The US economy expanded at its slowest pace in two years in the first three months of 2005, official figures show.
Analysts believe higher oil prices could continue to hit US growth
Gross domestic product (GDP) grew at an annual rate of 3.1%, as consumers and businesses tightened their belts in the wake of rising energy prices.
The Commerce Department figures were the weakest since the first quarter of 2003, when GDP expanded by just 1.9%.
The weaker-than-expected growth figures knocked more than 1% off the major US stock indexes on Thursday.
The Dow Jones Industrial Average shed 1.2%, the Nasdaq technology stocks index closed 1.3% lower, while the broader S&P 500 index lost 1.1%.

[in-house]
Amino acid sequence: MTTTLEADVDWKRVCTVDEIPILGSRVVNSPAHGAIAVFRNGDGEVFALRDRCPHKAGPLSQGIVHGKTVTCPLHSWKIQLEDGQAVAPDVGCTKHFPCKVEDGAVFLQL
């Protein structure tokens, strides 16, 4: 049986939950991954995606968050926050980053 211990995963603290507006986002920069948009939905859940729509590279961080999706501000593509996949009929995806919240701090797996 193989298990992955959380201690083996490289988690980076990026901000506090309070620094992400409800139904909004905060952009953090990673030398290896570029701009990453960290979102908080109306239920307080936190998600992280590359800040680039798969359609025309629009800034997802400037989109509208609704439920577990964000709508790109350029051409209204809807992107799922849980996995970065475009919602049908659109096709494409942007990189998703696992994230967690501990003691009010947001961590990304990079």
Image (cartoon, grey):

Many analysts had expected a more robust figure of 3.6% for the first three months of 2005, and the data revealed a sharp slowdown since the final quarter of 2004, when GDP grew by 3.8%.
"Investment, which we had hoped would continue to drive overall GDP growth, stalled badly," said Paul Ashworth, an economist with London-based Capital Economics.
Oil prices have hovered at historically high levels in recent months - with US light crude topping $56 dollars a barrel before dropping back.
Many analysts now believe higher energy prices could hit US economic growth during the second quarter of 2005.
Nonetheless, economists think the slowdown is not steep enough to deter the US central bank from raising interest rates to curb inflation.
The US Federal Reserve's rate setting meeting next week is widely expected to raise interest rates to 3% from 2.75%.
Mr Ashworth said the combination of slower consumer spending and slower business investment meant the chances were rising that the Fed would "need to change course and stop raising rates".
"However, for the moment we expect it to continue raising rates at a measured pace for the next couple of meetings," he added.